While Spain and France had been the primary claimants to the land that is now Georgia, England also had staked a claim based on 1497 and 1498 explorations by John Cabot. English ships raided Spanish ships and settlements in various parts of the New World, culminating with Sir Francis Drake sacking and burning St. Augustine in 1586. Finally in the early 1600s England began establishing colonies of their own, beginning with Jamestown in 1607.
Meanwhile, the Spanish were trying to re-establish their line of missions in what is now Georgia; many had been destroyed or abandoned during the Juanillo rebellion of 1597.
1663 With some colonies well established to the north, the British established the colony of Carolina in 1663, claiming the 31st parallel as its southern boundary (this is Georgia’s current southern boundary), later extending that claim southward to the 29th parallel. This claim included all of what is now Georgia.
1670 Charles Town (later Charleston) was settled. Carolina traders soon began trading with the Indians along the Savannah River, angering the Spanish.
1673 French explorers sailed south down the Mississippi River, eventually reaching the Gulf of Mexico. Once this had been accomplished, they began trading with the Indians and trying to extend French influence eastward.
1680 The English attacked the Spanish mission on St. Catherines Island. The Spanish were able to hold off the attack, but then retreated to a more secure locataion on Sapelo Island. Because of English threats, Indian attacks, and general unsuccessful attempts at converting the Indians, all Spanish missions had been abandoned by 1685, though the Spanish still claimed the land.
So by 1700 three countries - England, Spain, France - all had laid claim to the land that is now Georgia; it was called “the debatable land.”
1712 Carolina had been divided into two colonies - North and South Carolina.
1715 The Yamassee Indians revolted against the English, killing a considerable number of settlers. The revolt was put down, with the Indians fleeing to Florida, but the revolt did reinforce the idea that some sort of “buffer” was needed between South Carolina and Spanish Florida.
For an image of the Azilia proposal, see the Digital Library of Georgia.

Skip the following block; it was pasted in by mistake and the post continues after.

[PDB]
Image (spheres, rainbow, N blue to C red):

1717 The first serious proposal aimed at creating such a colony was by Sir Robert Montgomery; he proposed a colony designed to act as a buffer and to produce silk, wine, and other products for export to England. He wanted to call the colony Azilia, but was unable to raise money or entice colonists for his proposed colony.
1720 John Barnwell convinced England to attempt to build a series of forts along Carolina’s southern and western frontier. The English government agreed, and in 1721 began construction of Fort King George near the mouth of the Altamaha River. But the hot climate, sickness, and constant threat from the Spanish made the soldiers stationed there very unhappy, and the fort was abandoned by 1727.
1724 Another proposal to colonize the area was put forth by Jean Pierre Purry of Switzerland. While his proposal got no further towards realization than Montgomery’s Azilia proposal, the name that Purry chose did stick. In honor of King George, he called the name of the colony “Georgia.”
For more on James Oglethorpe, see the New Georgia Encyclopedia.
While all these failed attempts took place, an idealistic young member of Parliament in England had taken notice of the atrocious conditions of British prisons, particularly for debtors who were often there because of reasons beyond their control. He developed an idea to deal with two problems at once - relieving the overcrowded debtor prisons by using some of the men as colonists to establish the buffer colony needed south of South Carolina. By 1732, this young member of Parliament - James Oglethorpe - along with an influential group of supporters, had convinced King George II to approve their plan for a new colony south of the Savannah River - to be called Georgia.
|Next Timeline: Georgia as an English Colony|